We are working on the implementation of biological assays on microfluidics for point-of-care diagnostic applications. Originally supported by the Swiss Commission for Technology and Innovation (CTI) in partnership with the University Hospital of Basel, this research has now branched out into various directions. One of them was a FP7 EU project addressing respiratory tract infections and other projects involving various diagnostic and semiconductor companies.
In addition, this research is part of the new IBM Research Frontiers Institute.
Our approach employs a library of microfluidic elements and benefits from pioneering contributions we have made with capillary-driven microfluidics and ultra-miniaturized immunoassays.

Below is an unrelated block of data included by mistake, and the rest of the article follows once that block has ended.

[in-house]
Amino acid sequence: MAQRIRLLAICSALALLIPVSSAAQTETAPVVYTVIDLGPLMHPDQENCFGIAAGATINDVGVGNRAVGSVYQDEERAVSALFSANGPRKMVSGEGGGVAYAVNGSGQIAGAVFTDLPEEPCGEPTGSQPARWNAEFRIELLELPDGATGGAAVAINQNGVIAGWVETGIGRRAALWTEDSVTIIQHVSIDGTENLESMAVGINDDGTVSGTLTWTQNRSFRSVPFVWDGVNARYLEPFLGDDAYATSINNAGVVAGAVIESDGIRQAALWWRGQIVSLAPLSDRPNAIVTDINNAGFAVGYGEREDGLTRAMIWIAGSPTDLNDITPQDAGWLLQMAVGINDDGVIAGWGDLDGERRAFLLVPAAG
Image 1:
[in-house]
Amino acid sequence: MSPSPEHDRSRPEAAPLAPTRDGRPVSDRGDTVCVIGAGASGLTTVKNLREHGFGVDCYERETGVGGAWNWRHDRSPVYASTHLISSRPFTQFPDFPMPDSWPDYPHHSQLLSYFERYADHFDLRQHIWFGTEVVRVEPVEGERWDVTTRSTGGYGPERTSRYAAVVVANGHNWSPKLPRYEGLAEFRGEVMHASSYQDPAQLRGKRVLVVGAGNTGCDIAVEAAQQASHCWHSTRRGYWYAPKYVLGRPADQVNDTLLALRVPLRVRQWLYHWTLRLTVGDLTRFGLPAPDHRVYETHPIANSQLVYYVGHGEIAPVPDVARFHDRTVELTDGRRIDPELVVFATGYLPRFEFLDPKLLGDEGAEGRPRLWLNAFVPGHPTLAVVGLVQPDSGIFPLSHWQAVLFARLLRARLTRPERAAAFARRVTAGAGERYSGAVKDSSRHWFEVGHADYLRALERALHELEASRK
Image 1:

We typically integrate reagents and receptors for analytes in microfluidic chips for performing immunoassays and recently started to integrate solid-state sensors into the chips in collaboration with the IBM Watson Research Center.
Our vision is to enable quantitative diagnostics and to connect microfluidic chips to smartphones for fast and convenient analysis of numerous samples.
Our roadmap includes adding security and “intelligence” to these very precise microfluidic chips. Furthermore, we think this technology can generate high-value, critical data for many scenarios involving Watson Health and IBM’s capabilities.
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IBM Research scientist
By tracking and controlling liquid flow on the picoliter level, we endeavor to achieve an unprecedented level of control and flexibility with this microfluidic technology. This area is researched in part via a Marie Curie Fellowship to Dr. Arango.
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Yulieth Cristina Arango
Marie Curie Fellow researcher